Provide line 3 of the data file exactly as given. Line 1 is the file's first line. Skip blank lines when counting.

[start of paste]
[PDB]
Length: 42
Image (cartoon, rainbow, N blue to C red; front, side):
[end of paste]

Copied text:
Image (cartoon, rainbow, N blue to C red; front, side):